“I know people who’ve used their Amazon money for college, for emergencies, for houses, for vacations, to start their own business, for charity – and the list goes on,” Bezos wrote. “I’m proud of the wealth we’ve created for shareowners. It’s significant, and it improves their lives.”

According to Bezos, Amazon has created $1.6 trillion of wealth for their shareowners. One of the largest beneficiaries has been Bezos himself, who owns $180 billion of Amazon and is the richest person in the world, according to Bloomberg.

Bezos said that his Amazon shares have made him wealthy, but seventh-eighths of the shares, representing $1.4 trillion of wealth creation, are owned by other investors, including pension funds, universities, 401ks, and couples like Mary and Larry.

Read more: BTIG identifies 14 beaten-down stocks poised to dominate the market this earnings season and extend their track record of crushing expectations

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Billionaire hedge fund manager David Tepper said Amazon’s stock looks attractive as it hovers near lowest point since September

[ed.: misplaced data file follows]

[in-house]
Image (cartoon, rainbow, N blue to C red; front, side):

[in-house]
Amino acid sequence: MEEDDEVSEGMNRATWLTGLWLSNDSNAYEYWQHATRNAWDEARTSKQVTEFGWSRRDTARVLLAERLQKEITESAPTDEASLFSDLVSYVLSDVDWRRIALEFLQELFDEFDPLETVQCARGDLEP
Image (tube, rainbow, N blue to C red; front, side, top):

David Tepper

David Tepper told CNBC’s Joe Kernen that Amazon’s stock price looks attractive after the recent mega-cap tech pullback.

Amazon is currently trading at $2,999, narrowly above last week’s five and a quarter month lows. 

The Appaloosa Management founder said Amazon’s stock now looks inexpensive, according to Kernen.  

The e-commerce giant has fallen nearly 10% in the last month as investors rotate out of mega-cap technology stocks and into names that benefit from rising yields and a recovering economy.

Tepper said he still likes Amazon and other “bellwether stocks.” He added that Amazon has permanently changed aspects of consumer behavior. For example, people are less inclined to buy products like t-shirts in retail stores if they can just shop on Amazon. 

The hedge fund manager also said it’s difficult to be bearish on stocks right now because rates have now stabilized and the $1.9 trillion pandemic relief package that was just approved by the Senate will be bullish for the stock market.

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Amazon shares dip as investors digest Jeff Bezos’ plan to step down as CEO following blockbuster Q4 earnings

Jeff Bezos

Shares in Amazon dipped on Wednesday after Jeff Bezos announced plans to step down as CEO and transition to executive chairman following a strong fourth-quarter.